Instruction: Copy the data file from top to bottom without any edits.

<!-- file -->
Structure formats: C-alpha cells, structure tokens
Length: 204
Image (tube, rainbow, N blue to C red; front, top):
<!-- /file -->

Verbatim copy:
Structure formats: C-alpha cells, structure tokens
Length: 204
Image (tube, rainbow, N blue to C red; front, top):